There’s a fight going on, and no one is ready to back down. It’s between New York Legal Aid (on behalf of participants of the Work Advantage Program) and the City of New York, specifically the Department of Homeless Services. As you may be aware, the city has cut funding for Work Advantage, a program which assists in the participants’ transition from temporary homeless shelters. Through the program, participants pay a portion of their rent and the city pays the rest, directly to the landlord. In order to qualify for the program, participants must meet certain requirements such as an income maximum and need to work at least 20 hours a week at minimum wage or above.
The question Legal Aid won’t drop is whether the city can legally cut the program and cease to pay current participants’ rents, or if it had entered into a legally binding contact with the participants and the landlords to continue paying rent for the remainder of the lease. The city has argued several times that, no, there was no contractual agreement. They claim the program was simply a social benefit program that could be dropped at any time. Legal Aid disagrees. And the fight continues…
It isn’t hard to understand how messed up cutting Work Advantage is. New York City’s most vulnerable populations living in homeless shelters benefitted from the program by leaving the shelter system and getting back on their feet. They were guaranteed that if they found an apartment in their price range, the city would subsidize it for one at least one year, and two if they continued to qualify. Cutting the program will lead to countless evictions, forcing this population right back into the shelters.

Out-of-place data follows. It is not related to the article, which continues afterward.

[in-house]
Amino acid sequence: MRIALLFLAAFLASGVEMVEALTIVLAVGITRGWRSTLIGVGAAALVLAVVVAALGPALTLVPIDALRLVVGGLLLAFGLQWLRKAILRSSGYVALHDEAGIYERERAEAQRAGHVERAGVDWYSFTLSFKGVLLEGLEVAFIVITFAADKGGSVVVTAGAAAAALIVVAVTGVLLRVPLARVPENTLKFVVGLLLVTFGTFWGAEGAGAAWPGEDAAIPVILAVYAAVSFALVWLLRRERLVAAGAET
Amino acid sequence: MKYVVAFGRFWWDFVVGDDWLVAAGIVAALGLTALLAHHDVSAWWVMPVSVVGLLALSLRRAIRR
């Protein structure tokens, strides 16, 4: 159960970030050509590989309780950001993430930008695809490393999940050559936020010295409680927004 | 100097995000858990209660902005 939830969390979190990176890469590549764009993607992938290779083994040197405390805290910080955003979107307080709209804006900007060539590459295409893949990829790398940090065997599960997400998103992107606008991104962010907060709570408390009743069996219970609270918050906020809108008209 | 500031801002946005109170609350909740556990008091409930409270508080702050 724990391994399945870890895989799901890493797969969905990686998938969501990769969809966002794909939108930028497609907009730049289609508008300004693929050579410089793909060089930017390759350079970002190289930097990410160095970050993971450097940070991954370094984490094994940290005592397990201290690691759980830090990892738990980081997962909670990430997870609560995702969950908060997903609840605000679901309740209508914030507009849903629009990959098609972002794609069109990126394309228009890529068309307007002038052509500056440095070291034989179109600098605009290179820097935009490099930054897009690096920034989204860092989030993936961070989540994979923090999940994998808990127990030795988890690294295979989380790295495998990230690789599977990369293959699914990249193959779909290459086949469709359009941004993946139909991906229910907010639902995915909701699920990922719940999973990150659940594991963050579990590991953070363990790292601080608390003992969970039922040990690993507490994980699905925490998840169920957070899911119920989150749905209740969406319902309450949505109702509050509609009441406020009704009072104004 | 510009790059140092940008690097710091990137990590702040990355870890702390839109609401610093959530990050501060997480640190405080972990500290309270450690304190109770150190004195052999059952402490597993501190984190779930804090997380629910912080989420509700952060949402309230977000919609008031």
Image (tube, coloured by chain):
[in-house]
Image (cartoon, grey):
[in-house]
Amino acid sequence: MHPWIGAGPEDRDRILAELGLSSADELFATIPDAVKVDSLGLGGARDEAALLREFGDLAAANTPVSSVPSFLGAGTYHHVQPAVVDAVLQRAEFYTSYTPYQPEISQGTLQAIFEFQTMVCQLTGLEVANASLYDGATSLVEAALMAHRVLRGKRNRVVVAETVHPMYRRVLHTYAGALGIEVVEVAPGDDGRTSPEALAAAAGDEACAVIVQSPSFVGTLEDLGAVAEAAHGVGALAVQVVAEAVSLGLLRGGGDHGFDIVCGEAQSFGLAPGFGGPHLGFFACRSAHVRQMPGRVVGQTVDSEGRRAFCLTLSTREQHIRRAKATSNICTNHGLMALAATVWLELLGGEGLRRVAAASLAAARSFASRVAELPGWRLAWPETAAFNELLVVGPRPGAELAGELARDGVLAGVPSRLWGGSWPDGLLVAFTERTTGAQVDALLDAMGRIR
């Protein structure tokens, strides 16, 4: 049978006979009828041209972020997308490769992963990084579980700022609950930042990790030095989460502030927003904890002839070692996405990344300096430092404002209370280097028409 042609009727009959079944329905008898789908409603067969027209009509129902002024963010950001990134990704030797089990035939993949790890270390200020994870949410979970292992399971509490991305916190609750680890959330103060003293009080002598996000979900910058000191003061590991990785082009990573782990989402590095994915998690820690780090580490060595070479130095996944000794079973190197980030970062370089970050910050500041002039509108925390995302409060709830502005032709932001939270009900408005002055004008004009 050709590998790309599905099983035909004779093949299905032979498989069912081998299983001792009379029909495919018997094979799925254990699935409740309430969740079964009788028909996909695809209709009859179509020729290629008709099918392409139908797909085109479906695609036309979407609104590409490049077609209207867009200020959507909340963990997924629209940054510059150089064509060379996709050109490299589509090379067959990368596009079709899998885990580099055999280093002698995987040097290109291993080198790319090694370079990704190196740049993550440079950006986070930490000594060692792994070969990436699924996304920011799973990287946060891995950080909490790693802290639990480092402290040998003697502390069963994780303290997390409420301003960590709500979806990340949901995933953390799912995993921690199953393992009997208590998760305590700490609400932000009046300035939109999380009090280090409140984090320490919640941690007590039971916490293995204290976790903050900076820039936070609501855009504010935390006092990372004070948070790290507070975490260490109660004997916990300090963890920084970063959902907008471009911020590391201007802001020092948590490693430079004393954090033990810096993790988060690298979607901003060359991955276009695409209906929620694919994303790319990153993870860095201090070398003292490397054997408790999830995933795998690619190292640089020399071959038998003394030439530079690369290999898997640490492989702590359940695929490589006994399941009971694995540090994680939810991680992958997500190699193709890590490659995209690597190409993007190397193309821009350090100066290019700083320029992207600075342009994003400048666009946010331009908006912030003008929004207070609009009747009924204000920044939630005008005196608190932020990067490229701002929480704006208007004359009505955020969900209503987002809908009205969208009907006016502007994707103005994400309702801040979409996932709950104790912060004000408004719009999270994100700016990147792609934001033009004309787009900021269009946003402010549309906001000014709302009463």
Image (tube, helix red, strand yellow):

In addition, it is widely known that the shelter system is overcrowded, inefficient, and expensive. Cutting funding for Work Advantage to bring more into the shelter system is not an efficient use of resources – it is more expensive to maintain the shelters than to pay subsidies. According to Steve Banks, attorney-in-chief for Legal Aid,
This certainly seems like a case in which the city loses when it wins, since it will have to pay far more to shelter these families and individuals than by continuing to make the rental payments.
Another consequence of program cuts is that when landlords stop receiving city money and begin evicting tenants, they will lose a significant amount of money needed to maintain the building and pay back their mortgage. This result increases the likelihood of foreclosure, impacting not only the remaining tenants but also the rest of the neighborhood.
Legal Aid appealed for a third time this past week, and is awaiting an expedited court decision. Again, their argument is that the city entered into a legally binding contract with the Work Advantage participants and the landlord guaranteeing they will pay a portion of the rent for one to two years. They argue, among other points, that:
- It has been argued that the program merely provides social benefits, but city this is not sufficient because the city enters into social benefit contracts with other programs. (page 9)
- A contact involves an offer, and acceptance of the offer, and a provision of terms. Participants signed “an agreement,” which is an understanding of terms (also signed by the landlord and a representative from DHS). The agreement stipulates that the city will pay a portion of the rent directly to the landlord for at least one year every month, and two years if the participant qualifies. (page 8)
- In exchange for guaranteed rental payments by the city, landlord ceded control of who lives in a Work Advantage apartment to the city. If a landlord is forced to evict a Work Advantage tenant, the landlord has two options. He must agree to return money paid by the city after the eviction or house someone else that the city places from Work Advantage for the remainder of the lease. This agreement cedes responsibility for who is living in the apartment to the city, therefore entering the city into a contract with the program. (page 17)